If of the 7024 active cases, only 0.5% were to die (the number you quoted), that would add another 35 to the death toll, so all of a sudden it's back up to 1.33% again. If you use THAT number to predict the deaths among the active cases, you arrive at 2%… And so on.

With the published numbers, this iteration converges at slightly more than 6% mortality.

If you assume that 2/3 of the South Korean carriers are asymptomatic and never enter the statistics of active cases (and don't die either), convergence occurs at a MUCH more comfortable 0.4%. That would be nice (relatively speaking), but may, on the other hand, be too optimistic, given the very widespread testing in South Korea that you quoted.

So the calculations are indeed VERY sensitive to a number that we don't know much about yet. It's a statistician's dream (or nightmare).
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March 16th, 2020, 16:46
I heard an interesting figure last night, though I'm not sure how it was derived: For people 80 years of age or more, the mortality rate is being estimated at 15 to 20 percent.
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March 16th, 2020, 18:29
Dude, stop making everything specifically political, this is a public health issue and all governments are winging it as much any other. The experts are just treating it like a science experiment and many experts will have slightly different approaches to their experiment. And as for anti-globalism, LOL, the only way you'll ever beat any disease completely is via global co-operation.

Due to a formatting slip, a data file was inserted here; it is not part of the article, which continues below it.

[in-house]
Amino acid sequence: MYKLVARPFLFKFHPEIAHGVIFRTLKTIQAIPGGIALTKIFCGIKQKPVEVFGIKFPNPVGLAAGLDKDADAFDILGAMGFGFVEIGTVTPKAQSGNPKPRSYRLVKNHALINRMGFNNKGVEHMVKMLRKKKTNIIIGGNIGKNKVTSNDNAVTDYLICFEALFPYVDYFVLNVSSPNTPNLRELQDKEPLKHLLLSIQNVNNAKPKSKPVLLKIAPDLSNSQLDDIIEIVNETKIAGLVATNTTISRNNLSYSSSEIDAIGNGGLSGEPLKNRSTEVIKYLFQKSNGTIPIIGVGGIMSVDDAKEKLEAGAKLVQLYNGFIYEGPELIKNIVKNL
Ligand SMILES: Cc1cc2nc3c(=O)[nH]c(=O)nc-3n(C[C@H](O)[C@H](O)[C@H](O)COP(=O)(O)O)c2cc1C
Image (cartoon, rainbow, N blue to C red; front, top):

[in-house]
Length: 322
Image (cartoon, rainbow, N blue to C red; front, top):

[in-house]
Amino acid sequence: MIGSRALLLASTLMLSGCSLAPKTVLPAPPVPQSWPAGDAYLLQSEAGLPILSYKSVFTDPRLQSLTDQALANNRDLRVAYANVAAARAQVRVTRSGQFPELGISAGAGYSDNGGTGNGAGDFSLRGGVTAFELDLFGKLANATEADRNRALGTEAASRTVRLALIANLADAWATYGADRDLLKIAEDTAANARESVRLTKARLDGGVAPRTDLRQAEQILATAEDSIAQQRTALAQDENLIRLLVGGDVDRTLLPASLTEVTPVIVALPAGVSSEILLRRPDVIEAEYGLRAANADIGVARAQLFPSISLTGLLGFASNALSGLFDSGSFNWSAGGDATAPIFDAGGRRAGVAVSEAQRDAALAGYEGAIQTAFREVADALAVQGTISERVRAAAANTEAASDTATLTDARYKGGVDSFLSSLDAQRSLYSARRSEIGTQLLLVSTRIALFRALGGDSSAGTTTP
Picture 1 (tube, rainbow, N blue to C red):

Wanting your government to set aside a specific reservation for just you and people you approve of is an absurd way to go about life and going around taking every event as a means to bash your drum is extremely distasteful, let alone absurd. You should be celebrating how modern technology and understanding and social attitudes have combined to allow your mother to live so well and for so long in her current state, not sitting around looking for the next opportunity to use her as a political football.
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March 16th, 2020, 18:53
Originally Posted by vurt View Post
I don't.. the leading expert here (Anders Tegnell); Just a FEW things;

* made a speech about how it's important to not cough in your hands. coughs in his hands during the same speech.
To be fair, it's incredibly hard to avoid these kind of mannerisms, even if you rationally understand the need.

[edit: Don't really want to discuss the politics. Deleted.]
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March 16th, 2020, 19:33
The OP has stated it in her post, I have stated it at a later post again, when I edited a post: NO POLITICS!

I didn't even bother with editing posts this time and just removed the posts and reactions on those posts with quotes. Probably removed to much and some reactions are out of place perhaps, but whatever. it takes too much time otherwise.

You can discuss politics in P&R. The next one gets an official warning. A few of those gets you banned for a month.
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March 16th, 2020, 19:49
for the lols

https://www.theguardian.com/world/20…-from-covid-19